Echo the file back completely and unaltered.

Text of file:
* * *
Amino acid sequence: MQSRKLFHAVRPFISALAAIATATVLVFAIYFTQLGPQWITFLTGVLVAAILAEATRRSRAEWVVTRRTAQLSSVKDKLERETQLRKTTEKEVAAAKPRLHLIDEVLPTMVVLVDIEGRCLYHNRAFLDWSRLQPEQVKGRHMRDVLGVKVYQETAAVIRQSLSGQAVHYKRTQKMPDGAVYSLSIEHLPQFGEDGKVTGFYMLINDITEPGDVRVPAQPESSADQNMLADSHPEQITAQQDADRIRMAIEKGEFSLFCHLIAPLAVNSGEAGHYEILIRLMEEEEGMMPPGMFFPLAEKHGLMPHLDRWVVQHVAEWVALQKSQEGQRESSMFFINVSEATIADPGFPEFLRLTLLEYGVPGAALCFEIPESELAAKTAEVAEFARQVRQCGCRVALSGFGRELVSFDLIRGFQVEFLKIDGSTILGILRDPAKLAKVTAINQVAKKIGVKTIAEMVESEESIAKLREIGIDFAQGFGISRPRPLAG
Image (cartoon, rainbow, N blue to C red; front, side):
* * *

Amino acid sequence: MQSRKLFHAVRPFISALAAIATATVLVFAIYFTQLGPQWITFLTGVLVAAILAEATRRSRAEWVVTRRTAQLSSVKDKLERETQLRKTTEKEVAAAKPRLHLIDEVLPTMVVLVDIEGRCLYHNRAFLDWSRLQPEQVKGRHMRDVLGVKVYQETAAVIRQSLSGQAVHYKRTQKMPDGAVYSLSIEHLPQFGEDGKVTGFYMLINDITEPGDVRVPAQPESSADQNMLADSHPEQITAQQDADRIRMAIEKGEFSLFCHLIAPLAVNSGEAGHYEILIRLMEEEEGMMPPGMFFPLAEKHGLMPHLDRWVVQHVAEWVALQKSQEGQRESSMFFINVSEATIADPGFPEFLRLTLLEYGVPGAALCFEIPESELAAKTAEVAEFARQVRQCGCRVALSGFGRELVSFDLIRGFQVEFLKIDGSTILGILRDPAKLAKVTAINQVAKKIGVKTIAEMVESEESIAKLREIGIDFAQGFGISRPRPLAG
Image (cartoon, rainbow, N blue to C red; front, side):